Tuesday, 4 July 2017

HR Passenger Tank backhead and cab interior.

HR46 Backhead complete.

I based the Drummond Passenger Tank backhead, to some extent, on that of the HR Loch class engines, for which a GA drawing exists. My presumption is that the Loch backhead followed standard Highland practice, so in taking this as my example I should be working on the right lines. I also took note of the backhead of the preserved Caledonian Railway 0-4-4T which my wife photographed from inside the cab. I thought that a Scottish engine, similar in many respects to the Passenger Tank, might afford some insight into the mysterious world of backheads c.1900.

The castings used in my reconstruction were mostly from LGM though I found the castings on offer from 62C Models useful too and of good quality, the injectors being from that source. Most of the castings I used were reduced in size and remodelled to some extent to suit the miniscule backhead. As an example, the bottom parts of the water gauge castings were cut off and replaced by a small tap, made from a hand rail knob and a length of fine wire, which reduced their length and enabled me to fit them above the shelf over the firedoor, which I reduced in width to leave room for the firedoor opening lever which is on the right, you can see its handle just below the water gauge.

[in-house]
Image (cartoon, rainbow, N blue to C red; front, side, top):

On the left hand side of the spectacle plate can be seen the driver's brake valve which is connected to the injector on that side by a "flexible" connection. In reality the two are not connected at all, the flexible hose only butts against its continuation in the dark corner of the cab to enable the inner spectacle plate and backhead assembly to slide upwards for removal. There is an inner and outer spectacle plate, which much simplifies glazing at a later stage.
There is a metal plate on the cab floor under the firehole which is a detail I took from the preserved Caledonian engine, the floor planking, which is flush with the metal plate, is made of stripwood from a model ship kit.
The handle of the token exchange apparatus, which is out of sight outside the cab, protrudes into the cab behind the cab door stanchion.
The reversing lever, which attaches to the inside of the left hand inner tank, was a mini construction project in its own right. The tanks flank the backhead on either side of the cab and detract from the already restricted area of the cab, leaving little space in the model available for an engine crew ( see my previous post for a solution to the crew problem).